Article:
John Paul Marks, director general, work and health services, who is in charge of the day-to-day running of Universal Credit and disability benefits, got a £15,000 bonus on top of a salary of £125-130,000 a year, plus £83,000 put into his pension pot.

Some £1.4 billion of the errors are caused by civil servants making mistakes with claims.

The department claims in its report: “UC [Universal Credit] is working for the majority of claimants and progress in delivery is good. We believe it will result in an extra 0.2 million people moving into work by 2023-24, and empower people to work an extra 113 million hours a year – lifting people out of poverty and generating £8 billion in economic benefits every year once everyone eligible is on UC.”

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The NAO analysis in its annual report is different. It points out that errors in Universal Credit will continue to rise. At present, there is not a freeze in new people being put on Universal Credit because, when there is a change in a claimant’s circumstances, they are automatically put on the benefit. Some £1.4 billion of the errors are caused by civil servants making mistakes with claims.

This month, 10,000 people living in Harrogate will be moved from their existing benefits onto Universal Credit in a new pilot measure before the Government resumes transferring everybody else.


Other Problems and the Impact of Errors

The growth of the “gig economy” and self-employment is making policing Universal Credit payments to workers difficult. Income of employees in full-time work can be easily checked through HM Revenue and Customs, but the self-employed declare their own income and, short of the DWP visiting every claimant to examine the books, they don’t know whether it is accurate.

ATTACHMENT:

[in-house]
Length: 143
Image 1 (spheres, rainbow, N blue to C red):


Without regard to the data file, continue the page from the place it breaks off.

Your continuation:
The ministry has written off £963,000 of child maintenance payments – because the money was sent to the wrong parent.

There are also problems with the replacement of housing benefit and tax credits by Universal Credit.

“The transfer of claimants from legacy benefits from July 2019 will lead to an increase in claims previously made to Housing Benefit and Tax Credits,” the report states. “Misreported income and earnings are the primary causes of fraud and error overpayments for Housing Benefit.”

The report also reveals a number of other extraordinary losses.

The ministry has written off £963,000 of child maintenance payments – because the money was sent to the wrong parent.

They have also had to write off nearly £6.4 million in £1,000 loans to people to start their own businesses – because their failure meant they never got the money back.

Meg Hillier, Labour chair of the Commons’ Public accounts Committee, said: “The Public Accounts Committee has long been warning that Universal Credit will be challenging to administer because of the many variables in life. A change of job, hours worked, childcare or housing costs can all have an impact on how much you’re owed.

“The fact that the error rate is so high underlines these concerns. The Government needs to recognise the impact on people and reduce the error rate.

“The impact of an error can be devastating for individuals and families on low incomes.”